In a blink-and-you-missed-it moment during NBC's broadcast of the Olympic Winter Games from Sochi, Russia, the Peacock Network announced that Heroes, the 2006-2010 television drama about people with superpowers will return to the air as a 13-part miniseries called Heroes Reborn. Comic book fans of a certain age will be excused if the have a certain reaction to the phrase “Heroes Reborn,” for it was the name of a controversial rebooting event in Marvel Comics back in 1996.
In the final battle between the heroes of the Marvel Universe and the immensely powerful psionic being known as Onslaught, it appeared that a whole host of heroes were killed including the bulk of the Avengers (including Captain America, Thor and Iron Man), the entire Fantastic Four, and even Dr. Doom. As it turned out, they were not killed but 'reborn' into a pocket dimension created by Mr. Fantastic's son Franklin Richards with no knowledge of their previous lives.
This allowed Marvel to reboot the characters with more modern frames of reference for the character's histories and brand new creative teams centered around then Jim Lee's Wildstorm Productions and Rob Liefeld's Extreme Studios. The story of why the Heroes Reborn experiment ended after one year was murky with sale numbers and art/story quality given as reasons for both why it should have ended and why it should have continued. Ultimately, while the phrase “Heroes Reborn” remains short hand for the big comic book companies' often quixotic attempts to attract new readers by ditching some or all of their decades-old continuities, a direct line can be drawn from this event to both the birth of the Ultimate Marvel universe and the launch of the well-regarded Thunderbolts saga.
Now television’s team of non-costumed heroes are back from the pocket dimension known as cancellation. The news comes on the heels of what looks to be a surge of comic book/superhero-related television shows in the 2014-2015 season. Currently, Arrow has been picked up for a third season, while its home The CW also has pilots in the works for The Flash and I, Zombie. Fox has Gotham going straight to series, ABC has a possible (though not confirmed) second season for Agents of S.H.I.E.L.D. and Agent Carter in development, and NBC already has their ante in the pot with Constantine going to pilot. Marvel Studios is also teaming with Netflix for four 13-episode series each focused on a separate character, with a fifth, shorter series bringing them all together Avengers-style.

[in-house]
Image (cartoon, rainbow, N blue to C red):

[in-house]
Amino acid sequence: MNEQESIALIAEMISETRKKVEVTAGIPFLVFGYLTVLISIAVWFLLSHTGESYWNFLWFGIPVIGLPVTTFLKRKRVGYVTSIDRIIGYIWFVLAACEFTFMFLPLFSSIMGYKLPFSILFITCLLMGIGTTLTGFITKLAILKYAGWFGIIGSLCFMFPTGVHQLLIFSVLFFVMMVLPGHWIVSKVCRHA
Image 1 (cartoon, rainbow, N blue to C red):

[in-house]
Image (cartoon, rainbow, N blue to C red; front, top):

“The enormous impact Heroes had on the television landscape when it first launched in 2006 was eye-opening,” said NBC Entertainment President Jennifer Salke in a statement published on NBC.com. “Shows with that kind of resonance don’t come around often and we thought it was time for another installment."
Salke can't be blamed for that sentiment. In 2006, Heroes became a cultural touchstone with it's compelling story of 'normal' people coming to terms individually with the manifestation of superpowers, as well as their connection to each other and the larger threat of a planet-wide apocalypse foretold in one of TV's great catchphrases: “Save the Cheerleader, Save the World.” However, in a parallel to Marvel's Heroes Reborn that might prove potentially prescient, the original run of NBC's Heroes couldn't hold onto the magic of its first season and declined in popularity after the following years got muddled with decompressed storytelling, betrayals of it's own continuity, and frequent creative staff changeover.
With original creator and executive producer Tim Kring on board, NBC's Heroes Reborn is looking to capture that first season magic, and with the promise made of digital prequels to the sequel, fans can hope that means that the well-regarded Heroes tie-in digital comic (created in conjunction with the show's writing staff and Aspen Comics) that broke new ground in the realm of parallel/background storytelling could come back as well.
Salke finished her statement with a tease for fans of some the show's fan favorite elements, including its most memorable characters like Hayden Panettiere's (Nashville) invincible cheerleader and Masi Oka's (Hawaii Five-O) time-manipulating otaku.
“Until we get closer to air in 2015, the show will be appropriately shrouded in secrecy, but we won’t rule out the possibility of some of the show’s original cast members popping back in.”
Sure sounds like Hiro (Oka)'s ability to "pop" in and out of space and time to us.